Three Interviews with Connecticut James Beard Award Semifinalists

Amy Kundrat

Chefs Tyler Anderson, Bill Taibe, and Joel Viehland were recently recognized by the James Beard Foundation as semifinalists in the 2015 Best Chef: Northeast category. On the occasion of their nomination, we asked each of them to answer a few questions, from the serious (key influences and mentors) to the hypothetical (a CTbites blank check to open a new restaurant).

Want to know where Chef Tyler Anderson's next restaurant could be, who Chef Viehland would love to cook for, and who is one of Chef Taibe's biggest influences (hint: he is a chef in one of his kitchens)? 

Read on for this and more from three of Connecticut's best chefs.

Tyler Anderson - Millwright's, Simsbury, CT

Congratulations on being named as a 2015 James Beard Foundation semifinalist. What does this recognition mean to you? Ever since I was a young cook winning a James Beard Award has been a goal of mine. I have been fortunate enough to work for some great Chefs who were winners themselves, and needless to say I wanted to be like them. Being nominated as a semifinalist the last two years lets me know we are on the right track to winning the award, it’s time now to push a little harder to reach the next level of voting. It’s also great to be included with Joel and Bill two really great chefs. I also love that CT had three nominees this year. There is certainly something great brewing here in the CT restaurant scene.

Millwright's location inside a historic 17th century mill seems intrinsically tied to your New England "sophisticated comfort food" menu. How important is place and history to your culinary approach? The space and history mean everything. If a cooking concept is forced on a location that doesn’t “vibe”, there is always a disconnect in the experience. Great restaurants tell a great story and our goal is to make Millwright’s a great restaurant. Although I am originally from Southern Ca. and have worked all over the country, New England is my favorite place to cook and live. I love it here and now it’s my home, so it felt natural to create a New England restaurant.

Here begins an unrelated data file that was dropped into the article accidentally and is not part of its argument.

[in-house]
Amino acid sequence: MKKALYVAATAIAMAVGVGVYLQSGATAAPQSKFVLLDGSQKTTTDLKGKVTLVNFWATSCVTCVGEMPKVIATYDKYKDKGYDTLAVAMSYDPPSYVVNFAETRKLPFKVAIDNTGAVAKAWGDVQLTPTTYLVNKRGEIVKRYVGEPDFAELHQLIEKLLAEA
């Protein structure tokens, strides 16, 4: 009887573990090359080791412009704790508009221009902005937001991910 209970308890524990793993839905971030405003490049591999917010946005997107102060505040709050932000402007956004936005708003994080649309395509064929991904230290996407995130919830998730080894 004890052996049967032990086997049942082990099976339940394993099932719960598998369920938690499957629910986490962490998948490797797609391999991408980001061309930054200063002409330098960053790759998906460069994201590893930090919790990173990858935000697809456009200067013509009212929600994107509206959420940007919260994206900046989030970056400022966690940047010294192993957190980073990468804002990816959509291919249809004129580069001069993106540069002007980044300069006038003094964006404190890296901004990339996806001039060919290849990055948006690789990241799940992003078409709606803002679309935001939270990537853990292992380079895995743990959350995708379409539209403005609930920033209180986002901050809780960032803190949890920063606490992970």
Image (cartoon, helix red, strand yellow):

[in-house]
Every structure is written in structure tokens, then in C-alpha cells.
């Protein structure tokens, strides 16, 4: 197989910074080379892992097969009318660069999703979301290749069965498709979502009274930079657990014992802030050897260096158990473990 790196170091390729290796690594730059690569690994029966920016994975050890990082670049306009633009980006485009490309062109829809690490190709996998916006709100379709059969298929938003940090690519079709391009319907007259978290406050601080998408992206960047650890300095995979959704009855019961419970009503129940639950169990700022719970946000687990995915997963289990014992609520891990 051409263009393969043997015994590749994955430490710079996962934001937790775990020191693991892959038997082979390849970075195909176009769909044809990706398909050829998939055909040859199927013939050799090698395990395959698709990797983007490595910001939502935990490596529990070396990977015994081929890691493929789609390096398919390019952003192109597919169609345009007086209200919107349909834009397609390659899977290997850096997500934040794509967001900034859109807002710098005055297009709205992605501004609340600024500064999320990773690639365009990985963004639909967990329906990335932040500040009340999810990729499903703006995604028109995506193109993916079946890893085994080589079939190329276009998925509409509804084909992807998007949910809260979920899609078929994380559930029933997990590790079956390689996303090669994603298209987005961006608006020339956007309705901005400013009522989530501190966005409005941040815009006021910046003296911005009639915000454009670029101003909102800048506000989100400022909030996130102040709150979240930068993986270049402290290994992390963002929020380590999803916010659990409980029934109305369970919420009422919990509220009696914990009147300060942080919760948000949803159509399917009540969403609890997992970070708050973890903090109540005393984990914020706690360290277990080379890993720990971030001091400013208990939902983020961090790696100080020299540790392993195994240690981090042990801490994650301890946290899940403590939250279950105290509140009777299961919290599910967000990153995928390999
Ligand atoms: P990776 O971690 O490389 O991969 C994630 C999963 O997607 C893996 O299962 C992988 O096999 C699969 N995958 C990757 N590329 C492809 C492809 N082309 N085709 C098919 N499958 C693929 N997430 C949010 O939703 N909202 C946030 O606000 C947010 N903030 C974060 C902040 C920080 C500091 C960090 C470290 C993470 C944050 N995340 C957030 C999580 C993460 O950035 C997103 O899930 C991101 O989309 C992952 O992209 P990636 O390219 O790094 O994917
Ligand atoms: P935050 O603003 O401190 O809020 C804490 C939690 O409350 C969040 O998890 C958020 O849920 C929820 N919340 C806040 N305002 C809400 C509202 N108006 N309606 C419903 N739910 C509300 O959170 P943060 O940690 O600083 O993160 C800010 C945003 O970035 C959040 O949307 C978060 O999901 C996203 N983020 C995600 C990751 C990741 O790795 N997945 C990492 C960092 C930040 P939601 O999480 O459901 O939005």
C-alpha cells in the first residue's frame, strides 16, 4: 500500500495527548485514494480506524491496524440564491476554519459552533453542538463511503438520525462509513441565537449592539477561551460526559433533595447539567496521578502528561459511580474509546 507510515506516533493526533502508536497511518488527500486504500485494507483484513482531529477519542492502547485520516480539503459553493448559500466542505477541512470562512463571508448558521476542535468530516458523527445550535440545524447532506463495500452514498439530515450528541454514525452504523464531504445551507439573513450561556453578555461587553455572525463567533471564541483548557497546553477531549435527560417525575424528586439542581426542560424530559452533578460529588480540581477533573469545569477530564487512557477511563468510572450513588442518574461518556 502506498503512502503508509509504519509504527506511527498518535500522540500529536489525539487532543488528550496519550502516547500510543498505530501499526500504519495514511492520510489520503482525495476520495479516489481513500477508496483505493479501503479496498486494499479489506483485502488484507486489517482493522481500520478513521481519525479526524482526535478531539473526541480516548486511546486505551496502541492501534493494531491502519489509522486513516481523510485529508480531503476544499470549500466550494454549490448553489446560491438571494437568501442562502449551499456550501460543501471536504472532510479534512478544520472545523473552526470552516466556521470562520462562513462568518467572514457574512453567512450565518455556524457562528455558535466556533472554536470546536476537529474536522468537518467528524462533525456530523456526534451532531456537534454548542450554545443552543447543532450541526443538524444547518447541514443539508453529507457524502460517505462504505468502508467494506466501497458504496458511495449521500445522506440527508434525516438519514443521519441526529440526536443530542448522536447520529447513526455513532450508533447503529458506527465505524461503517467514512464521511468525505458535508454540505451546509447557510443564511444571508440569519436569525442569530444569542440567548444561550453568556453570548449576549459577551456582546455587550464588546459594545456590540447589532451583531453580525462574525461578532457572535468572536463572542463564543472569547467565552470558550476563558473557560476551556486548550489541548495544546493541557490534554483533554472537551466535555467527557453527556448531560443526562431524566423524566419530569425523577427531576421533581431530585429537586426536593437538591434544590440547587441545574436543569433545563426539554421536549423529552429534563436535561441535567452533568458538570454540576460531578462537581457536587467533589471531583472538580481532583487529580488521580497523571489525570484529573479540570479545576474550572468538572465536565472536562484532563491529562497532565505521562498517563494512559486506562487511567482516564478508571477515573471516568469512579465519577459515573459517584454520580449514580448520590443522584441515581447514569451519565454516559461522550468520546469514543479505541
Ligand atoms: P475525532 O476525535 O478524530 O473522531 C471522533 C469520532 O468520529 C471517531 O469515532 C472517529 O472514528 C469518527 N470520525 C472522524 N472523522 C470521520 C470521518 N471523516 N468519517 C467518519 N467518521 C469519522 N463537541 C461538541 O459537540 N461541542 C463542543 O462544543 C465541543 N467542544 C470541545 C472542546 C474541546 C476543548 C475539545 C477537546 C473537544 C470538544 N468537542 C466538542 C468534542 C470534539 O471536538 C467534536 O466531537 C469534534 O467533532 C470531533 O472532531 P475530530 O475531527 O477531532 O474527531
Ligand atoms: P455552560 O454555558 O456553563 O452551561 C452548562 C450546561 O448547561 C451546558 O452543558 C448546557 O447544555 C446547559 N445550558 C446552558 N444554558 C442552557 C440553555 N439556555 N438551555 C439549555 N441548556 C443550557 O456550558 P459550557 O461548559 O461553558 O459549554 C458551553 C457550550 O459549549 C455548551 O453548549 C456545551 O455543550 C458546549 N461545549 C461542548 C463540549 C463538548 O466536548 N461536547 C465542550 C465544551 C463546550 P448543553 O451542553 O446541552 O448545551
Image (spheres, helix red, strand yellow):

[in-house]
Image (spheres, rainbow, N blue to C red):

Who were some of your mentors as a chef? I have been fortunate enough to work for many great chefs, but I consider Sarah Stegner (two time James Beard Award winner) and George Bumbaris (Bocuse D Or finalist) my two main mentors. I was fortunate enough to work for them at the Ritz Carlton in Chicago and then to go open their own restaurant Prairie Grass Cafe in Northbrook Il. Chef Sarah taught me to purchase great local product and cook it the best way I knew how and Chef George taught me a lot about old school, lost art French technique and some about the business side of running a restaurant.

CTbites just handed you a (hypothetical) blank check to open a new restaurant in Connecticut. Where and what will it be? If the check you are handing me could cover a loss every year :) then I would open a 24 seat tasting menu only restaurant in New Haven, an atelier of sorts. If we are trying to open a financially viable restaurant then I open a California Cuisine restaurant in West Hartford. Lots of cooking over wood, simple, delicious, relatively healthy food, with a crazy raw bar and charcuterie program.

Joel Viehland - Community Table in Washington, CT

Congratulations on being named as a 2015 James Beard Foundation semifinalist. What does this recognition mean to you and the Community Table team? It's a huge honor for all of us that are nominated. To be considered among the top 20 in our region is great recognition for all our hard work. I'm happy we're not the only ones from Connecticut selected.

You've been at the helm of the Community Table for 5 years. What do you think sets Community Table apart in CT?  It's been 5 years so far and I think we've been very fortunate to have great ownership who support the concept by choosing to purchase only from local farms. Also we like to cultivate a spirit of creativity in our kitchen by changing the menu as often as possible and allowing our cooks to get involved in the creative process. We also try not to take ourselves too seriously.